Presidents Authorize Expansion

Big East commissioner John Marinatto has been given authorization to enter into expansion discussions with specific institutions interested in joining the conference.

The presidents and chancellors from the 14 remaining Big East members and TCU, scheduled to join the conference next year, gave that go-ahead Sunday during a meeting at Georgetown University in Washington, D.C.

The meeting had been called prior to the announcement last month that Syracuse and Pittsburgh would be leaving for the Atlantic Coast Conference. An agenda focused on future TV contract negotiations had to be expanded to tackle the many issues confronting the Big East during this period of realignment.

The Big East issued this statement after the meeting:

"The Presidents voted unanimously to authorize the Commissioner to aggressively pursue discussions with a select number of institutions that have indicated a strong interest in joining the BIG EAST Conference. The Presidents are also actively considering changes to the Conference's governing bylaws to further solidify the membership of the Conference."

UConn President Susan Herbst represented UConn at the meeting, but did not comment to reporters as she left. She referred to the conference statement and did not respond to a question concerning UConn's comment to the Big East, the Hartford Courant reported.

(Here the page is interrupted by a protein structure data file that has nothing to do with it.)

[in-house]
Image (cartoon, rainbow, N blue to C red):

Marinatto did not name the schools that are on the short list for membership application, but it is known that Air Force and Navy are at the top of that list – as football members only. It is possible Temple will be discussed as a full member. Villanova, Central Florida and East Carolina are other possibilities.

The tweaking of the conference bylaws is expected to include an increase in the exit fee for schools leaving the league. Syracuse and Pitt will pay $5 million. If UConn, Rutgers or any other conference members decide to leave in the future, the cost will be significantly larger.

The Big East is expected to stick to the 27-month notice requirement, passed to discourage teams from defecting. That means the conference doesn't have to rush to find replacements for Syracuse and Pitt. But when replacements are found, it is likely the Big East will relax the requirement.

Syracuse and Pitt did not attend the meeting Sunday.

UConn has said it will help the Big East to strengthen itself, but Herbst has also said the school must keep all options open. It is not known if the ACC will expand beyond 14 members and it may be a long time before that decision is made.

If Herbst releases a statement or replies to an e-mail request from, we will update this story.

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